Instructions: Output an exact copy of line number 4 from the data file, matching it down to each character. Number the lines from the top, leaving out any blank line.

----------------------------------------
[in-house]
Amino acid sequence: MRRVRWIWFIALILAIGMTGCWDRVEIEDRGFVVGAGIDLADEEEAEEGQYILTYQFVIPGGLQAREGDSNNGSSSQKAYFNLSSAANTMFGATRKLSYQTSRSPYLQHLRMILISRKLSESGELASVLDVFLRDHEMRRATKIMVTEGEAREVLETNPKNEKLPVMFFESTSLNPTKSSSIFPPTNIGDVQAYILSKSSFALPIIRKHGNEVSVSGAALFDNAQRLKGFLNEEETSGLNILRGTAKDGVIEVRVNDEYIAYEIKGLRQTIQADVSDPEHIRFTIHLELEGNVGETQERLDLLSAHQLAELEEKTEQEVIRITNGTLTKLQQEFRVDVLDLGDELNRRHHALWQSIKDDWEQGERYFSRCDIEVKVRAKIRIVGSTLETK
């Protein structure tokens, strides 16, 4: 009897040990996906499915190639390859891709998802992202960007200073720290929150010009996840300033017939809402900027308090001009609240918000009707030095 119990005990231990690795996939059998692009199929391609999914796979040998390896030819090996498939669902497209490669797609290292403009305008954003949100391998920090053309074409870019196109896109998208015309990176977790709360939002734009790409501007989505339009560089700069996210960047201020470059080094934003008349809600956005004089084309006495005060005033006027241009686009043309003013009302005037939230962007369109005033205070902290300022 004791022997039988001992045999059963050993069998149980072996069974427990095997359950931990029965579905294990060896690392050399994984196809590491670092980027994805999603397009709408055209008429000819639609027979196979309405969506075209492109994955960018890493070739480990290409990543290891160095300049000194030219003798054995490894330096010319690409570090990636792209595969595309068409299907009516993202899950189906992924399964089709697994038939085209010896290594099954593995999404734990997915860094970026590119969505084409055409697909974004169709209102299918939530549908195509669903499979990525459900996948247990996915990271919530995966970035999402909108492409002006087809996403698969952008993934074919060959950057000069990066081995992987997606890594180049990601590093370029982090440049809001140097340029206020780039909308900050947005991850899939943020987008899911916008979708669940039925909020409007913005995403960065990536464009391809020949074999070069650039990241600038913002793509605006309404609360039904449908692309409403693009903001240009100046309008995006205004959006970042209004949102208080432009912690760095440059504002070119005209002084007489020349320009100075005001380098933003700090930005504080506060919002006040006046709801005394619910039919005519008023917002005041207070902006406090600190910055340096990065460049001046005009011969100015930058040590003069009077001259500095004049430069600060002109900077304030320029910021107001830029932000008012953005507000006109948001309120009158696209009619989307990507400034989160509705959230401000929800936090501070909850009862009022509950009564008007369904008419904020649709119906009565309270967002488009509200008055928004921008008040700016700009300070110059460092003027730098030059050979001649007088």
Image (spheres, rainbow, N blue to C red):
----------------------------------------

Image (spheres, rainbow, N blue to C red):